ranoj ran rano

In my philosophy of language course, we’ve been looking at coreference. For example, Bruce Wayne and Batman are different expressions, with different senses, but they refer to the same person. It’s interesting, because this semester it seems that everywhere I’m looking at the reverse.  Two objects that will share a name.

Sometimes it’s a matter of switching between languages.  I’m (struggling through) studying Polish, but I have a really lazy brain.  I tell it to think up a way to express that green little amphibian we call a frog in English.  My brain thinks “okay, she wants to say ‘frog’ but in foreign-speak. Well, ‘rano’ is just sitting here all convenient like, and it’s not English.  Sounds good, we’ll go with that.” Yeah, “rano” is a word I use on occasion to refer to that object, but it’s also one I use in Polish.  When I want to talk about something happening “in the morning.” (It’s great when I do this in reverse and instead of doing something “matene,” I claim to do it “rane”)

It happens when I stick to English too.  Up until this semester–and if I’m being totally honest with when I’m doing my reading, up until today–an asterisk preceding a word (at least in a linguistic context) has meant “ungrammatical.” Now, I’ve been able to understand that it meant that, but I’m pretty sure nobody told me that, so I’m a little peeved.  Honestly, it’s kind of a dumb system.  I hope that I had just happened to have a few professors who liked using dumb systems, but today I learned that I’ll have to exit the field of linguistics to avoid this one.  I learned that gem while learning the alternate meaning of *word that I’ll use only in historical linguistics (diachronic linguistics, if you want a fancier sounding word than historical).  *word means that it’s a reconstructed form.  In that class I’m also getting used to > being neither a crocodile mouth nor “greater than.”  But that one isn’t so bad. It looks like an arrow, which is what I would naturally use for “changed into,” and I suppose logically then < would be the opposite.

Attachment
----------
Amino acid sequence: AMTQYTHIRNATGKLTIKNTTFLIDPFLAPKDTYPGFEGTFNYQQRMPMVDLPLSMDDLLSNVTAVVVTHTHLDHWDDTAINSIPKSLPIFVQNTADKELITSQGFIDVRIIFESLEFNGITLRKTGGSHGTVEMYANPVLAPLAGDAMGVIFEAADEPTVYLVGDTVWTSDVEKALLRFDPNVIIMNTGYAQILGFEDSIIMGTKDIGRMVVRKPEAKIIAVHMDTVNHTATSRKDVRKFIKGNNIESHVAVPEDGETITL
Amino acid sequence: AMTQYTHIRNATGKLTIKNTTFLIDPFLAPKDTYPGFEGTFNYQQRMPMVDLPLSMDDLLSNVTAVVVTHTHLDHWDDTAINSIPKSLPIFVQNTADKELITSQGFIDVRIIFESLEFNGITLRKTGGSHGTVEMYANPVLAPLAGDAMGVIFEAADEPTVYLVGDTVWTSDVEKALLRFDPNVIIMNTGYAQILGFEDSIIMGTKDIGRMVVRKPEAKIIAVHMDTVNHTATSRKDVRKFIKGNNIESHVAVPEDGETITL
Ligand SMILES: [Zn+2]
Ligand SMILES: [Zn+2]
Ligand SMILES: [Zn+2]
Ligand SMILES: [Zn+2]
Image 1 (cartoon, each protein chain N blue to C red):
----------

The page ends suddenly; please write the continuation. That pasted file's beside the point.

Heading back to the philosophy of language course that started this series of thought, I get to play around with some familiar terms there too.  Philosophy, like language, can apparently be synthetic or analytic and is either a priori or a posteriori. Yeah, I know, we’re working with the same English language here, there’s going to be some overlap.  There’s just a moment of disconnect when you see a word and think “yeah, I completely know what that means” but then realize that in this context, you’re completely lost.  But hey, that’s what school is for,  huh? :]


For those of you trying to decode the title: First, know that it doesn’t have exciting meaning.  Second, the order of the languages is Esperanto, English, then Polish.  Finally, I’ve given you the meaning of the words in the text, but you may find it helpful to know that -j is the plural marker in Esperanto.

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